While YouTube has been deemed the top video-sharing platform for the past decade, the rise of vertical video lends Instagram a competitive edge through Instagram TV (IGTV).
So, how do you decide which platform is best for your social media strategy?
To help you decide, we’re comparing YouTube to Instagram.
Here’s what we’ll be going over:
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Regardless of the video platform you choose, one thing is for sure: consumers crave video content from businesses.
Wyzowl’s 2020 State of Video Marketing confirms this, revealing that 86% of consumers want to see more video content from brands.
Getting to know YouTube and Instagram
YouTube: The Basics
YouTube is a free video-sharing platform for brands, marketers, and content creators.
Founded in February of 2005, YouTube was in the social space for less than two years before Google snatched it up. In November of 2006, Google bought YouTube for a cool $1.65 billion and it has been operating as a subsidiary ever since.
From its humble beginnings, YouTube has come a long way, from amateur home videos to the internet’s largest video platform.
According to YouTube’s internal data, there are over two billion monthly users across the globe — with over one billion hours of content consumed each day.
As a powerful, free social media channel, you may be wondering how YouTube makes any money.
How Does YouTube Make Money?
Like many other free platforms, including Instagram, YouTube primarily profits from advertising revenue. The YouTube business model provides a platform for businesses and individuals to upload and host video content for free. In return, YouTube sells advertising capabilities to brands. The targeted ads can be embedded into the video-content consumers are watching.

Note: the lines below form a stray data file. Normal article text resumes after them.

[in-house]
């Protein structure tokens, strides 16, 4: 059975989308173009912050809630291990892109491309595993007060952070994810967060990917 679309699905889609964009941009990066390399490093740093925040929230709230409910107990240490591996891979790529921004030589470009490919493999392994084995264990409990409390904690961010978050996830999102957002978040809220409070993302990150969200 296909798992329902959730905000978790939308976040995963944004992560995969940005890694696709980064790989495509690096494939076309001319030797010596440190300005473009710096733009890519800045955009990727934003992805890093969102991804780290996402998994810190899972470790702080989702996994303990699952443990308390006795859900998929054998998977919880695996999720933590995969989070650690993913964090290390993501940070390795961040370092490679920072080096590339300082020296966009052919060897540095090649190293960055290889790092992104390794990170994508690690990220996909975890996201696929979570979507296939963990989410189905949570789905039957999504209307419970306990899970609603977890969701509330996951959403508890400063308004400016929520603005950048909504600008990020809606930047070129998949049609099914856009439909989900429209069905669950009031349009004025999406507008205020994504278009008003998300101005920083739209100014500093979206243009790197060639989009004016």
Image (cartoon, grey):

In short, YouTube makes its money off of viewers.
According to the 2019 Q4 report from Alphabet (the parent company of Google and YouTube), YouTube generated $15.1 billion in ad-revenue — nearly 10% of Google’s total earnings.
Instagram: The Basics
Instagram was initially founded as an online platform for photo-sharing in 2010. It was acquired by Facebook two years later for $1 billion. Since the acquisition, Instagram has increased its capabilities to support video content in-feed, through Stories, IGTV, and Reels.
Unlike YouTube, Instagram allows you to publish both static imagery and dynamic video content.
In 2017, Instagram released internal data showing an 80% increase in time spent consuming video on their platform.
Additionally, 2018 data from Statista shows Instagram has one billion monthly active users worldwide.
Sure, it’s not quite the two billion monthly active users that YouTube boasts, but still a decent number.
Instagram is another free platform. Let’s delve into how the company earns revenue.
How Does Instagram Make Money?
Similar to YouTube, the Instagram business model is advertising-based. In exchange for free use of the platform, Instagram makes money when users and businesses pay for promotions.
These promotions offer various ad formats to choose from — like Stories or Collection ads — that show in Instagrammers’ accounts.
While Bloomberg reported Instagram’s ad revenue at $20 billion for 2019, it’s challenging to know the precise number. Facebook doesn’t break out Instagram’s ad earnings from its own, so the information came from anonymous inside sources.
Comparing Youtube to Instagram for your social media marketing strategy